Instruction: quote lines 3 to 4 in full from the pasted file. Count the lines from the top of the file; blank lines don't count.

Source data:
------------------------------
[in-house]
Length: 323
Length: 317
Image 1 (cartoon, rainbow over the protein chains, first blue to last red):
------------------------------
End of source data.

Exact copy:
Length: 317
Image 1 (cartoon, rainbow over the protein chains, first blue to last red):